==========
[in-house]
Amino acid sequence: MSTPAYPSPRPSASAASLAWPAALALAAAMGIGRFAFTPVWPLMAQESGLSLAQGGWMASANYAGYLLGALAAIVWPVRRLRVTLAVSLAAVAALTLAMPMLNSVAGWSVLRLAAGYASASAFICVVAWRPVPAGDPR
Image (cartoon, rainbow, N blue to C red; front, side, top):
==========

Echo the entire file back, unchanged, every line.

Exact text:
[in-house]
Amino acid sequence: MSTPAYPSPRPSASAASLAWPAALALAAAMGIGRFAFTPVWPLMAQESGLSLAQGGWMASANYAGYLLGALAAIVWPVRRLRVTLAVSLAAVAALTLAMPMLNSVAGWSVLRLAAGYASASAFICVVAWRPVPAGDPR
Image (cartoon, rainbow, N blue to C red; front, side, top):